As a member of five or six minority groups, myself, I find myself cringing whenever I see groups to which I belong depicted or discussed with anxious care and glossy patina. What awful thing, after all, are they so carefully dancing around?!?"
The pattern matching procedure never really worked. Context is everything. An Italian drinking buddy calling me a Jew bastard feels fine to me, while being indulgently asked whether it's ok if there's pork in my soup by a hyper-woke waiter who's studied my nose shape and feels compelled to diligently respect my stark Otherness in her glorious rainbow feels icky.

And it's okay. The world intrinsically feels icky, regardless, and always will. In fact, nothing could possibly feel ickier than high-handed sanctimonious attempts to cleanse public sentiment.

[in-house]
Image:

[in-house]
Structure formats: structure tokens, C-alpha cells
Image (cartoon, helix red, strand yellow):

What if we let racists live and work among us, in peace? What if we tolerate their free use of language as part of that same glorious rainbow? And what if we club them over the head with the full weight of the legal system if they ever ever act on it by discriminating - i.e. doing actual harm? What if you can be a racist, think like a racist, talk like a racist, but we prevent you from acting on it? Conveniently, we have a legal system, with lots of preexisting legislation, to handle exactly that.

I understand it feels insufficient. I understand the drive to purge all the ickyness, and I understand that some believe it can be purged by screaming "icky!!!" really loudly and waiting for it to be "cleaned up" (in ways that are poorly considered, because, really, why waste thought and consideration on icky people, who really just need to go crawl up and die?).